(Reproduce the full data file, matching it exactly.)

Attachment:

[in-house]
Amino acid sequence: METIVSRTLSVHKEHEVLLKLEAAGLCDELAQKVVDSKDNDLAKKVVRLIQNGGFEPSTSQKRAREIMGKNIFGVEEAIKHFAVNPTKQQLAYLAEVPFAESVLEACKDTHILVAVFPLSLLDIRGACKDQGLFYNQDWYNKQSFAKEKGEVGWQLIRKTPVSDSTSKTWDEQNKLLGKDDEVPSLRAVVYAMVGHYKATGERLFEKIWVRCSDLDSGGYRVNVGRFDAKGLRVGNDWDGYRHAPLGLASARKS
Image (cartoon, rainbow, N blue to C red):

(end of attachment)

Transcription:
[in-house]
Amino acid sequence: METIVSRTLSVHKEHEVLLKLEAAGLCDELAQKVVDSKDNDLAKKVVRLIQNGGFEPSTSQKRAREIMGKNIFGVEEAIKHFAVNPTKQQLAYLAEVPFAESVLEACKDTHILVAVFPLSLLDIRGACKDQGLFYNQDWYNKQSFAKEKGEVGWQLIRKTPVSDSTSKTWDEQNKLLGKDDEVPSLRAVVYAMVGHYKATGERLFEKIWVRCSDLDSGGYRVNVGRFDAKGLRVGNDWDGYRHAPLGLASARKS
Image (cartoon, rainbow, N blue to C red):